Wednesday, June 13, 2012

Alastair Reynolds makes the big time

(sort of) 

There's a non-fannish, genre-informed rave review by Javier Martinez of his new book, "Blue Remembered Earth", on The LA Review of Books website.  An interesting political perspective, by the way.... I've never paid much attention to the politics of SF, but Martinez's analysis makes sense to me.

Reynold's frame is a society which is a technological totalitarian state -- and that's OK by Reynolds, apparently. Says Martinez:

This concept half a century ago would likely have been depicted as a sinister hive-mind, a metaphor for global communism, that our protagonist would rally against and overthrow armed only with his smarts and can-do attitude. BRE moves away from this libertarian old-guard position, upheld by such pulp-era titans as John W. Campbell, Robert A. Heinlein, and Poul Anderson - not to mention their ideological heirs, Larry Niven, Jerry Pournelle, and the stable of writers at Baen Books.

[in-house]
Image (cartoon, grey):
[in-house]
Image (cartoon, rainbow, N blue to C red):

The ideological shift from individualism toward techno-collectivism is, if no less problematic, evidence of a left-leaning vision in Reynolds's work. A conventional history of the genre can trace the leftist turn in SF back several decades to at least the 1950s, with the pioneering social satire featured in Galaxy magazine. But Reynolds's lineage is more complex: he clearly owes a huge debt to those authors central to the early decades of the genre (certainly the future-history detailed in his "Inhibitor" series is a nod to Heinlein's work, if not his ideology), but he melds this traditionalism with elements culled from the writers of the1960s and '70s - such as John Brunner, Barry N. Malzberg, and Barrington J. Bayley - who turned routine space adventures into more meditative excursions. At the same time, Reynolds expresses an exuberance that aligns him with the outer-space quasi-mysticism of Arthur C. Clarke and Fred Hoyle. Reynolds's romanticism, however, is not transcendental but purely material, a celebration of the endless possibilities of secular culture and the richness of experience technology promises.

No comments: